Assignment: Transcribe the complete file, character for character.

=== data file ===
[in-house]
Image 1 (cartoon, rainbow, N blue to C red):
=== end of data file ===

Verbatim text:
[in-house]
Image 1 (cartoon, rainbow, N blue to C red):